Botswana: party in power for 43 years to win again


Election officials in Botswana said Friday that voting was proceeding without incident as voters in the small, stable southern African country lined up at the polls.

Botswana’s governing party, in power for over four decades, is expected to prevail over a divided opposition in these parliamentary elections despite added pressure on leaders in the world’s largest diamond-producing country amid the global recession.

Kogomoditse Leshomo, an election official in Gaborone, the country’s capital, said she had seen no problems.

“I’m happy with the way things are going,” she said.

Voter Gasenna Mohuptsiwa said she woke up at 4 a.m. — two and a half hours before polls opened — to get to her northern Gaborone voting station. She said she first voted in the 1970s, and was happy with the way the country has been run since independence. But she wouldn’t say for whom she was voting.

“I’m happy that I’m able to vote for my future and my country,” she said.

Several voters in Gaborone told The Associated Press they were voting for the opposition but would not give their names.

Even the opposition, which warns that one-party rule is being entrenched at the expense of democracy, doesn’t expect victory against a party that has been in power since Botswana won independence from Britain in 1966.

The Botswana Democratic Party won 44 of 57 seats in the last elections held in 2004, with the remaining 13 seats split between the Botswana National Front and the Botswana Congress Party.

Botswana, one of Africa’s most politically and economically stable countries, is the size of Texas and sparsely populated. It might be best known in the West as the setting of Alexander McCall Smith’s “No. 1 Ladies’ Detective Agency” novels and HBO TV series.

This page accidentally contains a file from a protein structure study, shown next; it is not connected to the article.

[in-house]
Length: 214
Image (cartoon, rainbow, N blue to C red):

Botswana suffers from high levels of poverty and unemployment, and the worldwide recession has dampened global appetites for its diamonds. The country’s GDP shrank by 20 percent in the first quarter of 2009, according to the 2009 African Economic Outlook.

Former President Festus Mogae stepped down last year even before the end of his second term, when the constitution required him to leave office. That allows his vice president, Seretse Ian Khama, to run as an incumbent in Friday’s vote.

Khama, a former army commander, is the son of the country’s first president after independence and has considerable support because of his late father’s popularity.

The opposition, however, has tried to paint Khama as a divisive figure whose military background did not prepare him to lead a democracy.

According to the Independent Electoral Commission, a record 723,617 people have registered to vote — 243,833 of them between the ages of 18 and 29. Botswana has a population of about 1.8 million.

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